Anima Ex Machina: Twenty-Four
At noon in the desert, a panting lizard waited for history.

Keycard. Thumbprint. Iris.

A door in the heart of Polaris Institute clicked open, and Tracey slipped into the room beyond it. The room was dark, and for a long while, he assumed it was empty until he could just barely make out the silhouette of someone hunched at a computer on the opposite end of the room. Clicking the door closed behind him, he let the room plunge into darkness save for the soft glow of the computer screen. The figure in front of it sat up and reached for a glass beside its monitor, letting the ice within it click against its sides before he spoke.

"Did anyone follow you?" John asked.

"No, Professor," Tracey answered.

"Good. Come here."

The watcher crept forward, his movements slow as he craned his neck to look over his superior's shoulder. He couldn't tell much from the screen itself. All he could see were two windows: one that contained black-and-white security footage and another that contained lines of code. When he was close enough to smell the alcohol in John's glass, he stood, waiting as John leaned back.

"Pop quiz, boy." John moved the mouse, guiding the cursor over to the first window and maximizing it. "What is this?"

Tracey squinted at the screen. On it, he could see an ixodida, the first of the two created at Polaris, talking to Professor Oak. The clip was muted, but Tracey had seen it enough times to know what was being said.

"The Adam Tape," Tracey replied. "Doesn't that contain--"

"Be more specific. What's going on in this clip?"

For a second, Tracey hesitated. His eyes gazed with uncertainty at the back of John's head, but the researcher made no effort to show that he noticed the boy's apprehension.

"Well? Don't be nervous now," he said.

The watcher took a deep breath and responded slowly. "Codename Adam is agreeing to being studied, sir."

"He's taking an awful long time to do it." John took a sip. "Tell me what he's really doing."

For another second, Tracey hesitated. Then, he replied, "He's talking about ethics. Professor Oak is trying to tell Codename Adam--"

"It's just you and me here, Mr. Sketchit. Call him by his real name."

Tracey swallowed. The uncomfortable feeling in his head crept into every inch of his body, and suddenly, he wanted to be anywhere but right there, even if the man was one of his idols.

"P-Professor Oak is... he's telling Bill that he always has a choice in whether or not we could study him." Tracey's voice was quiet, and the slowness of his every word betrayed just how much thought he was putting into what he was saying. "But then Bill is saying that he doesn't have a choice... because he's a researcher first."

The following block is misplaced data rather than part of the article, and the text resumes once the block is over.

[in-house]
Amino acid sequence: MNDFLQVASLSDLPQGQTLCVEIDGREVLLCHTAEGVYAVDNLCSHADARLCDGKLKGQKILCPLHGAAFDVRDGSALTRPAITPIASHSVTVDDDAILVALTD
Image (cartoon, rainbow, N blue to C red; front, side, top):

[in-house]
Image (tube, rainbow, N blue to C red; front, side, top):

"Poetic, isn't it?" John commented. He turned the glass in his hand, letting the ice slip to another part of its surface. "To pursue the truth, sacrifice is inevitable. Every good researcher knows that. Do you want to be a researcher, Mr. Sketchit?"

The question came abruptly, and once again, Tracey couldn't help but stumble over his words in a mad scramble to respond. By then, John was grinning, knowing very well what was going on in Tracey's head.

"O-of course! Yes! It's been my dream to study pokémon!" Tracey finally stammered.

"Then you probably already understand what it means to sacrifice for it."

Tracey straightened. "Well... I left home, if that's what you mean."

"Not entirely." John paused the video and minimized it to reveal the second window, the lines of code. "Second question. What is this?"

For once, Tracey had nothing to say, and it wasn't because he was stumbling over his words. Staring at the screen, he couldn't make out any part of it. Some parts he could read. Words in Common and English were scattered throughout the text, sometimes indicating a computer code and other times forming a fragment of a sentence or a word taken out of context. The rest, meanwhile, was complete gibberish to him. Most of it were simply lines upon lines of text with characters from both languages thrown together at random. Others were nothing but symbols: angular, bold characters he had never seen before in his life. He didn't realize that his mouth had fallen open the minute he attempted to read the screen, and because of this, John had to chuckle.